EnCana Corporation v. Republic of Ecuador, LCIA Case No. UN3481, Award, 3 February 2006, para. 142; Duke Energy Electroquil Partners and Electroquil S.A. v. Republic of Ecuador, ICSID Case No. ARB/04/19 , Award, 18 August 2008, paras. 174-175; Burlington Resources, Inc. v. Republic of Ecuador, ICSID Case No. ARB/08/5, Decision on Jurisdiction, 2 June 2010, para. 165.
B. Legitimacy of taxation: Expropriation standards
Tax measures, by their nature, bear some similarity to indirect expropriation.36 In situations where Investment Treaties have pitted tax measures against expropriation standards,37 arbitral tribunals have looked at whether the particular treaty claws back taxation measures to expropriation, thereby also supporting the jurisdiction of the tribunal.38
In the event an arbitral tribunal found its jurisdiction to determine legitimacy of the tax measure, it would then determine whether the given tax measure constitutes a legitimate expropriation. Standards for distinguishing expropriatory (or abusive) tax measures from legitimate taxation are generally understood to require a high threshold,39 but whether those standards differ from those applied in the context of other non-tax measures is less certain.
Link-Trading Joint Stock Company v. Department for Customs Control of the Republic of Moldova, Final Award, 18 April 2002, para. 64; EnCana Corporation v. Republic of Ecuador, LCIA Case No. UN3481, Award, 3 February 2006, para. 177; El Paso Energy International Company v. Argentine Republic, ICSID Case No. ARB/03/15, Award, 31 October 2011, paras. 290, 295; Burlington Resources, Inc. v. Republic of Ecuador, ICSID Case No. ARB/08/5, Decision on Liability, 14 December 2012, paras. 375.
C. Legitimacy of taxation: Other investment protection standards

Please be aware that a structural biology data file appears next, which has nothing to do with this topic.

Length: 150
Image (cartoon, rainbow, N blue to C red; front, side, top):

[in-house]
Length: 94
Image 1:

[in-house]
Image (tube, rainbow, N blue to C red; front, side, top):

When reviewing taxation measures under national treatment standard, tribunals have looked at factors such as the intent and effects of taxation measures,42 the differences in the period of application of the taxation measures between domestic and foreign companies,43 and the discriminatory effects of disputed measures.44
For the fair and equitable treatment (FET) standard, elements considered by tribunals include whether imposition of taxation measures ensured clarity in its meaning, scope, and consistency in its application,45 whether investor’s legitimate expectations were frustrated,46 whether frustration of legitimate expectations upset the stability of the legal or business framework,47 and the extent to which a State acted in reasonable manner and in good faith.48
Occidental Exploration and Production Company v. Republic of Ecuador, LCIA Case No. UN3467, Final Award, 1 July 2004, para. 187; Mobil Exploration and Development Inc. Suc. Argentina and Mobil Argentina S.A. v. Argentine Republic, ICSID Case No. ARB/04/16, Decision on Jurisdiction and Liability, 10 April 2013, para. 987; Oxus Gold plc v. Republic of Uzbekistan, UNCITRAL, Final Award, 17 December 2015, para. 827.
Koppensteiner, F. and Gildemeister, E.E., Taxation Meets Arbitration, Kluwer Law International, 2009, Vol. 7, Issue 3.
Adam, J., International Tax Arbitration: Recent Developments and Forthcoming Improvements, in González-Bueno, C. (ed.), 40 under 40 International Arbitration, 2018.
Davie, M., Taxation-Based Investment Treaty Claims, Journal of International Dispute Settlement, Oxford University Press, 2015.